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Personality and Medical Specialty-What is the Connection?

In the early 1900’s, Carl Jung theorized that there are four primary psychological functions by which we experience the world: sensation, intuition, feeling, and thinking. His wife and daughter, Katharine Cook Briggs and Isabel Briggs Myers, expanded this theory to create a personality question that would eventually turn into the Myers-Briggs Type Indicator (MBTI) in 1962. This test produces a combination of four dichotomies. These four dichotomies are:

1. Extraversion vs. Introversion

2. Sensing vs. Intuition

3. Thinking vs. Feeling

4. Judging vs. Perception

Most people are familiar with this test and know that the test produces a four letter personality type. For example, if you are ESTJ, that means you are primarily a sensing, thinking, judging extrovert. There are 16 different personality types in all.

Note: If you want to learn more about these different personality types, you can visit the Myers Briggs Foundation.

These personality tests have often been used to help decide which career path someone should follow and the field of medicine is no different. Even though some joke that most doctors have a “type A personality”, the personality profiles of physicians span all 16 of the different Myers Briggs personalities. This is mainly because personality and medical specialty often go hand in hand because different medical specialties require different types of people.

Here are the results of a study that observed the Myers Briggs personality types and the associated medical specialties:

Introverted–Sensing–Thinking–Judging (ISTJ)

Dermatology
Obstetrics-gynecology
Family practice
Urology
Orthopedic surgery

Introverted–Sensing–Feeling–Judging (ISFJ)

Anesthesiology
Ophthalmology
General practice
Family practice
Pediatrics

Introverted–Sensing–Thinking–Perceptive (ISTP)
Otolaryngology
Anesthesiology
Radiology
Ophthalmology
General practice

Introverted–Sensing–Feeling–Perceptive (ISFP)

Anesthesiology
Urology
Family practice
Thoracic surgery
General practice

Introverted–Intuitive–Feeling–Judging (INFJ)

Psychiatry
Internal medicine
Thoracic surgery
General surgery
Pathology

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Extroverted–Sensing–Thinking–Judging (ESTJ)

Obstetrics-gynecology
General practice
General surgery
Orthopedic surgery
Pediatrics

Extroverted–Sensing–Feeling–Judging (ESFJ)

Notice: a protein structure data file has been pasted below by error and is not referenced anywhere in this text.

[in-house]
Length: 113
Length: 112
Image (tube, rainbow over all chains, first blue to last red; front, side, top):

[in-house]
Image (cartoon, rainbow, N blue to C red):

Pediatrics
Orthopedic surgery
Otolaryngology
General practice
Internal medicine

Extroverted–Intuitive–Feeling–Perceptive (ENFP)

Psychiatry
Dermatology
Otolaryngology
Psychiatry
Pediatrics

Introverted–Intuitive–Thinking–Judging (INTJ)

Psychiatry
Pathology
Neurology
Internal medicine
Anesthesiology

Introverted–Intuitive–Feeling–Perceptive (INFP)

Psychiatry
Cardiology
Neurology
Dermatology
Pathology

Introverted–Intuitive–Thinking–Perceptive (INTP)

Neurology
Pathology
Psychiatry
Cardiology
Thoracic surgery

Extroverted–Sensing–Thinking–Perceptive (ESTP)

Orthopedic surgery
Dermatology
Family practice
Radiology
General surgery

Extroverted–Sensing–Feeling–Perceptive (ESFP)

Ophthalmology
Thoracic surgery
Obstetrics‐gynecology
Orthopedic surgery
General surgery

Extroverted–Intuitive–Thinking–Perceptive (ENTP)

Otolaryngology
Psychiatry
Radiology
Pediatrics
Pathology

Extroverted–Intuitive–Feeling–Judging (ENFJ)

Thoracic surgery
Dermatology
Psychiatry
Ophthalmology
Radiology

Extroverted–Intuitive–Thinking–Judging (ENTJ)

Neurology
Cardiology
Urology
Thoracic surgery
Internal medicine

*Source: McCaulley, M.H. The Myers Longitudinal Medical Study (Monograph II).Gainesville, Fla: Center for Applications of Psychological Type; 1977.

The views and opinions expressed in this article are those of the author and do not necessarily reflect the views of ProspectiveDoctor. Follow ProspectiveDoctor on Twitter @ProspectiveDr

 

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Edward Chang

Edward Chang is the Co-founder and Director of Operations of ProspectiveDoctor.com. He graduated from the David Geffen School of Medicine at UCLA and is currently a urology resident at the University of Washington. He also attended UCLA as an undergraduate, graduating with a major in Molecular, Cell, and Developmental Biology. If you are interested in contributing to ProspectiveDoctor.com, please contact him at edwardchang@prospectivedoctor.com. Follow him on Twitter @EdwardChangMD and Prospective Doctor @ProspectiveDr.

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